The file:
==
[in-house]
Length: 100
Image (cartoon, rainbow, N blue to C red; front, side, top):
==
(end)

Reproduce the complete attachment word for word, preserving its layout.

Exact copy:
[in-house]
Length: 100
Image (cartoon, rainbow, N blue to C red; front, side, top):